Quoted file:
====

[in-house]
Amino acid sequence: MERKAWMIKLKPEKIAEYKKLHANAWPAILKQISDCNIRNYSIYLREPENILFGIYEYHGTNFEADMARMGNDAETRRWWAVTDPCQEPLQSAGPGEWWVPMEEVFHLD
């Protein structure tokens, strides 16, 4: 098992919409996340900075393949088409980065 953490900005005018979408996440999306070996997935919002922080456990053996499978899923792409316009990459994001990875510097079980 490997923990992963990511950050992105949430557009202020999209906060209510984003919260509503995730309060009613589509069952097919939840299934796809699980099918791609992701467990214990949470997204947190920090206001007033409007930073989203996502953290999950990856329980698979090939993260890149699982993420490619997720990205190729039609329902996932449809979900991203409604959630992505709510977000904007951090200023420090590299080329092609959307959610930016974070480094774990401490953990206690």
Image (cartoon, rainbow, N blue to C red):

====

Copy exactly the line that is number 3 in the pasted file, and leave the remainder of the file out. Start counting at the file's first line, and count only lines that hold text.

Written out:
């Protein structure tokens, strides 16, 4: 098992919409996340900075393949088409980065 953490900005005018979408996440999306070996997935919002922080456990053996499978899923792409316009990459994001990875510097079980 490997923990992963990511950050992105949430557009202020999209906060209510984003919260509503995730309060009613589509069952097919939840299934796809699980099918791609992701467990214990949470997204947190920090206001007033409007930073989203996502953290999950990856329980698979090939993260890149699982993420490619997720990205190729039609329902996932449809979900991203409604959630992505709510977000904007951090200023420090590299080329092609959307959610930016974070480094774990401490953990206690």